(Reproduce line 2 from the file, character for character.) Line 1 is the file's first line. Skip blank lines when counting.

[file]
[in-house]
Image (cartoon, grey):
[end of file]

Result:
Image (cartoon, grey):